Second, we have no idea whether either of us are even fertile or could carry a child. We’ve never been tested for fertility. Although hardly “old,” it’s pretty much a certainty that neither of us are at 16 and Pregnant levels of fertility—she’s thirty-eight and I’m twenty-eight. I charted for a few years using Taking Charge of Your Fertility, and man, it was eye opening. My cycles range from thirty-two to fifty-four days—that’s my “normal.” So getting the timing right if we did want to do it would be a challenge. And I would be the one carrying it—she has zero interest in actually being pregnant (which is a shame, because she’s the one with the reproductive system that runs like a Swiss watch).
You’ll notice that I haven’t mentioned adoption—when I was with my ex (a dude) it was definitely something I wanted to do, and it was possibly my preference. But now that I’m with my wife, the fact that I can’t have biological children with just her makes it feel like that’s the only thing I want to do. And if we did decide to adopt, that would bring up its own set of logistical and financial issues.
Third, we live in Florida, which is not exactly the friendliest state for same-sex couples or parents. Although at least the gay adoption ban is no more, that’s far from saying there would be no headaches. It wouldn’t be possible for both of us to be on the birth certificate, we’d have to do second parent adoption, and we can’t be legally married in the state. The paperwork alone to make sure the children were legally protected would be expensive, exhausting, and time-consuming—and it still wouldn’t guarantee anything.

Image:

The fourth issue is that I’m prone to depression and have a significant family history of it. Stress, lack of sleep, and lack of security/stability/control all contribute to this for me. Adding a child to the mix would, I’m fairly certain, trigger much deeper and more serious depression for me.
Against all of these very good reasons not to have a child, I weigh the fact that sometimes I really, really, really want to hold a child that is ours. The idea that we won’t have kids to spend time with and raise and teach and go on vacation with, and won’t have a big family is very painful at times, especially when we are spending time or vacations with my wife’s giant family. But these wantings that come up every now and then are not worth the resentment that, it has become clear to me, I would have for a being that would inevitably insinuate itself into and change our life as it is right now.